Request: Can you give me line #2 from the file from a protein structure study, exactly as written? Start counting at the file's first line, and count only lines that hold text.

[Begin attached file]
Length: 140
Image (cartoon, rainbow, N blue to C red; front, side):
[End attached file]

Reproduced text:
Image (cartoon, rainbow, N blue to C red; front, side):